Our Big Basement Seder

April 09, 2019

“Seder will be small this year,” Bubby said. “The Israelis can’t make it so we will only be 45 or so.”

My father and his brothers grew up in a barn, literally. Their parents, my Bubby and Zeda, paid the local handyman/architect in Phoenixville, Pennsylvania, to transform the giant structure into a home where the Solomons could “spread out and be comfortable.” From my perspective as the oldest grandchild, the Jewish community of Phoenixville was organized in an orbit around that house, where my Bubby hosted children, grandchildren, in-laws, exchange students, distant cousins, visiting cantors, and neighborhood folks who had hit hard times and could use a place to stay for a few nights or a few months, give or take. The sides of her tent were always open to guests, and there was no time she observed the commandment of hachnasat orchim (hospitality) more fervently than for Seder.

The basement of the barn was a scary place to be alone—I avoided it well into my teenage years. It was partially finished at best, with its rough stucco walls, barn doors, and gray terrazzo floor. Light switches did little to illuminate the seemingly impenetrable dark. The cavernous room ran the length of the house and had space for a small sitting area, a full bar and kitchen, a pool table, and Seder seating for 50 comfortably and 60 with a little good-natured crowding.

In the days before each Seder, spring itself seeped into the basement and the entire room grew lovely and light. Great-Aunt Birdie ordered heaps of beautiful flowers that adorned the table and brightened the room. Aunt Judy and cousin Gretchen spent hours strategizing over the seating arrangement—inevitably changed by the guests themselves once they arrived—and writing “place cards” on whatever bits of old stationary they found around the house. Folding chairs, kitchen chairs, stools, and card tables were hauled out of the attic and kitchen and storage closets, and each one was lovingly covered with a pillowcase (or, sometimes, 70s prints that grandchildren had just slept on) so each guest could dine while mesubin (reclining). Thanks to one of the house’s many MDs, a surgical light was procured (seriously, like the huge silver ones you see in 70s movies) and voila, va-yehi or (and there was light) throughout the basement. Through Bubby's abundance of spirit, and great communal effort, all that was needed to sustain our big "extended" family was delivered.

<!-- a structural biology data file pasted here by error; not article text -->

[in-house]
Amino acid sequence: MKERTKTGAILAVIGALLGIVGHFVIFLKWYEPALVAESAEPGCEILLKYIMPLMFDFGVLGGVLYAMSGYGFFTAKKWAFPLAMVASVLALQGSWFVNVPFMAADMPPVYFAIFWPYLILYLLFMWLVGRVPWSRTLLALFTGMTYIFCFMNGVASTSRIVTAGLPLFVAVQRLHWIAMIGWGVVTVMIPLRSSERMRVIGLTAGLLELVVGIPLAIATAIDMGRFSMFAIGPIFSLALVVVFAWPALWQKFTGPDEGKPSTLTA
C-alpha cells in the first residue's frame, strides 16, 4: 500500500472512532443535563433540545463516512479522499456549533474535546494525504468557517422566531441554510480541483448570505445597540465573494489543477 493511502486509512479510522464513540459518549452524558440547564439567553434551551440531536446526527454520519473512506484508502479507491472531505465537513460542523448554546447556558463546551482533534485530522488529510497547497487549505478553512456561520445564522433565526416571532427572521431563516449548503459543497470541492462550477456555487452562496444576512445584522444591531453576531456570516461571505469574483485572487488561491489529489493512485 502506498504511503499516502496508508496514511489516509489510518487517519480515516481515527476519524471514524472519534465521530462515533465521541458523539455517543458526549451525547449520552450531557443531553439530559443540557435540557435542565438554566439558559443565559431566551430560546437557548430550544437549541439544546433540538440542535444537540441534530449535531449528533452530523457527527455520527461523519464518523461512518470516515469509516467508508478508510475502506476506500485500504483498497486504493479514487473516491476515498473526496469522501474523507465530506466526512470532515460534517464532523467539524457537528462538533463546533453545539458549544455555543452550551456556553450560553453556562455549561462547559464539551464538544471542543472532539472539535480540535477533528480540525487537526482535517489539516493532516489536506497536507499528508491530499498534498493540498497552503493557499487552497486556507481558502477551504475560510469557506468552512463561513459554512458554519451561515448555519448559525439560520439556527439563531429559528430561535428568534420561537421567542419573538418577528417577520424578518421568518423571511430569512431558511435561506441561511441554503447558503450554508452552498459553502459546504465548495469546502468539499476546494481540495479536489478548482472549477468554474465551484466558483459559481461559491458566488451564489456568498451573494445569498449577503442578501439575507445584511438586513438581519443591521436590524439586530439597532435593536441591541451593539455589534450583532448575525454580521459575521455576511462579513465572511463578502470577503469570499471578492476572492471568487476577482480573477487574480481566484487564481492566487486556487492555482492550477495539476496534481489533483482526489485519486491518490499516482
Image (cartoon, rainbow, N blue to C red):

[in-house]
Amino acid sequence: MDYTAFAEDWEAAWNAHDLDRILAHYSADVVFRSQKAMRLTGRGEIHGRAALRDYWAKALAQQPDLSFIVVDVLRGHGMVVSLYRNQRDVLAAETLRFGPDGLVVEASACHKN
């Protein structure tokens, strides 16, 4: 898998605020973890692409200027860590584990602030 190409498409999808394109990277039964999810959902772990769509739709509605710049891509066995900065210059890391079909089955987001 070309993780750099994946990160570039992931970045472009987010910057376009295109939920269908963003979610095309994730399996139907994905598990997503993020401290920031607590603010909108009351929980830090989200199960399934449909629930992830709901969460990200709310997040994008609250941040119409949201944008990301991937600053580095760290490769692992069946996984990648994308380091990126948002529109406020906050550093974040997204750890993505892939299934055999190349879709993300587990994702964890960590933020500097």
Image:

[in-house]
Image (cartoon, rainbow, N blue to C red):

Every conceivable variety of white tablecloth—all cloth, no paper—covered the assortment of tables, and then the setting began. Each place was set properly with silverware, two plates, and a soup bowl for after the meal: Just in case the Moshiach arrived while we were eating, no one would have to make the journey to olam ha-ba, the world to come, on an empty stomach. Grandchildren fought over the old, harp-like hard-boiled egg slicers (because, in Phoenixville, it is also a commandment to dip egg slices in salt water). At least four Seder plates studded the never-ending table, bringing each and every one of the guests together for the rituals of the night.

Though Bubby's brisket is unparalleled, no one came to the Solomon Seder for the food. And while there is a certain charm to corralling 50-odd Jews (100+ opinions) through a Hebrew/Aramaic seder, no one even came for the telling of the story. We came because this is how our family did Seder. For as long as I had known the Seder, the people who came—extended cousins, life-long neighbors, college roommates, Israeli kind-of-relatives—became family themselves through the act of showing up every year, year after year, and telling the same old story, together, again. As individuals, we grew, and as a family, we grew larger.

My Bubby died a little more than two years ago and this is our third Seder without her, our second since we sold her beloved Barn.

There is a story that gets a lot of press in Jewish circles around this time of year: It’s the one about how the Baal Shem Tov used to go to a certain place in the woods, perform a particular ceremony, say special words, and in this way, know G-d. Eventually, his descendants forget the place, they forget the ceremony, they even forget the words. But they can still tell the story and in that way, know G-d.

When we sold the Barn, we lost our place. But last year—and, b’h (G-d willing), again in this one—every one of the 55 or so Seder regulars, and guests, showed up to the poker room in Uncle Hal’s apartment complex, ready to tell the story of how our family tells the story of our people. Who better to host than my Bubby's friend, neighbor, and almost-machatunim (her son's uncle-in-law)? And for that, at least till the Moshiach actually shows up when we open the door, Estelle Solomon’s granddaughter says Dayenu.

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